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Data-Efficient Reinforcement and Transfer Learning in Robotics

Time: Fri 2020-12-04 13.00

Location: U1, Brinellvägen 28A, Stockholm (English)

Subject area: Computer Science

Doctoral student: Xi Chen , Robotik, perception och lärande, RPL

Opponent: Ville Kyrki,

Supervisor: Patric Jensfelt, Signaler, sensorer och system, Numerisk analys och datalogi, NADA, Robotik, perception och lärande, RPL

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In the past few years, deep reinforcement learning (RL) has shown great potential in learning action selection policies for solving different tasks.Despite its impressive success in games, several challenges remain, such as designing appropriate reward functions, collecting large amounts of interactive data, and dealing with unseen cases, which make it difficult to apply RL algorithms to real-world robotics tasks. The ability of data-efficient learning and rapid adaptation to novel cases is essential for an RL agent to solve real-world problems.

In this thesis, we discuss algorithms to address the challenges in RL by reusing past experiences gained while learning other tasks to improve the efficiency of learning new tasks.Instead of learning directly from the target task, which is complicated and sometimes unavailable during training, we propose first learning from relevant tasks that contain valuable information about the target environment, and reuse the obtained solutions in solving the target task.We follow two approaches to achieve knowledge sharing between tasks. In the first approach, we model the problem as a transfer learning problem and learn to minimize the distance between the representations found based on the training and the target data, such that the learned solution can be applied to the target task using a small amount of data from the target environment.In the second approach, we formulate it as a meta-learning problem and obtain a model that is explicitly trained for rapid adaptation using a small amount of data. At test time, we can learn quickly on top of the trained model in a few iterations when facing a new task.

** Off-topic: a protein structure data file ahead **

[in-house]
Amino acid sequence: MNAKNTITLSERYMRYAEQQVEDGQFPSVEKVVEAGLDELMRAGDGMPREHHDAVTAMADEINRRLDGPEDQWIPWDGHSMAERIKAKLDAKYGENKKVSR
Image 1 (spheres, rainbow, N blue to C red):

We demonstrate the effectiveness of the proposed frameworks by evaluating the methods on a number of real and simulated robotic tasks, including robot navigation, motion control, and manipulation. We show how these methods can be applied to challenging tasks with high-dimensional state/action spaces, limited data, sparse rewards, and requiring diverse skills.